TEL AVIV – A rocket barrage fell on Israel, a boom sounded over Tel Aviv and then it was over – at least for now.
After 50 days of missiles, air strikes, ground operations, tunnel incursions, truce talks, cease-fire proposals, death and destruction, Israel and Hamas agreed to an open-ended truce on Tuesday.
The cease-fire announced by Egypt stipulates that Israel and Egypt will open all border crossings to allow international humanitarian aid and construction materials to enter the Gaza Strip.
The agreement requires Israel and Hamas to cease hostilities but, according to reports, does not include commitments to allow an international airport and seaport in Gaza. After a month, should the quiet hold, Israel and Hamas will restart indirect negotiations in Cairo on easing Israel’s blockade of the coastal strip and disarming the enclave.
The end of the operation should not include “any significant political achievements for Hamas, which is a terrorist organization that doesn’t accept our existence here,” said Tzipi Livni, Israel’s justice minister.
Livni added that the truce should be “part of an overall accord with those who seek peace.”
Prime Minister Benjamin Netanyahu had not spoken publicly or released a statement about the cease-fire as of press time. Two days prior, though, during a Cabinet meeting, he said: “We embarked on Operation Protective Edge in order to restore quiet and security to you and to all Israeli citizens. The more determined and patient we are, the more our enemies will understand that they will not succeed in wearing us down.”
The agreement is the culmination of Egyptian-led cease-fire efforts that have been ongoing throughout the conflict. Earlier this month, Israel and Hamas had agreed to a string of temporary cease-fires. The lull ended with Hamas rocket fire on Israel last week.
The fighting is Israel’s third major conflict with Hamas since 2008, following conflicts in 2008–09 and 2012. This one, however, was the longest and costliest between the sides since Israel withdrew from Gaza in 2005.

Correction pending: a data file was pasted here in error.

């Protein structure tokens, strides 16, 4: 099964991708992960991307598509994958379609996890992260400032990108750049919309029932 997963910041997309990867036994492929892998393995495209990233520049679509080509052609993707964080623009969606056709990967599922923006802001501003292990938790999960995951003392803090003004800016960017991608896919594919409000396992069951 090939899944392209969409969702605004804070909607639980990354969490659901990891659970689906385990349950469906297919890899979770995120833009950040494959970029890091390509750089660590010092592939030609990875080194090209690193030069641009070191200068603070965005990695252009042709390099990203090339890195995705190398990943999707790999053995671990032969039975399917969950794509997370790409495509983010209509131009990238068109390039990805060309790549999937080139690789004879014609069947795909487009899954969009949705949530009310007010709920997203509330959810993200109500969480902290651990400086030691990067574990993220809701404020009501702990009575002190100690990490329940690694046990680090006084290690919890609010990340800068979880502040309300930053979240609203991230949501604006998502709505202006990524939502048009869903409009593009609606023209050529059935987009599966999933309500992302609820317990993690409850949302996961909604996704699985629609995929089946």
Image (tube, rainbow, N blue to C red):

More than 2,000 Palestinians and 70 Israelis died in the latest conflict, which wounded more than 10,000 Gazans and 500 Israelis, according to Israel’s Foreign Ministry.
The fighting created ghost towns across Israel’s South and devastated Gaza, destroying thousands of homes. Israeli forces delivered a punishing blow to Hamas during the conflict, with air strikes destroying thousands of rockets and ground troops eliminating much of its tunnel infrastructure both under the Israel-Gaza border and across Gaza.
Last week, an Israeli air strike killed three senior Hamas commanders. The chief of Hamas’s military wing, Mohammed Deif, may have been killed in a separate attack last week.
Israel’s aggressive military tactics drew widespread international criticism. Last month, the United Nations Human Rights Council said it would send a fact-finding mission to investigate possible war crimes committed during the fighting. Israel has indicated it likely will not cooperate with the investigation, alleging anti-Israel bias.
On Tuesday, State Department spokeswoman Jen Psaki said the U.S. “strongly supports” the cease-fire.
“We view this as an opportunity, not a certainty,” Psaki said, according to reports. “Today’s agreement comes after many hours and days of negotiations and discussions. But certainly there’s a long road ahead. And we’re aware of that and we’re going into this eyes wide open.”
Hamas saw many of its attempted attacks on Israel frustrated. Iron Dome intercepted nearly all the rockets Hamas aimed at city centers, and the Israel Defense Forces stopped Hamas’s infiltrations into Israel close to the border.
Nevertheless, Hamas killed 64 Israeli soldiers in Israel’s ground invasion of Gaza – the highest death toll for Israel since the Second Lebanon War in 2006 – in addition to six civilians.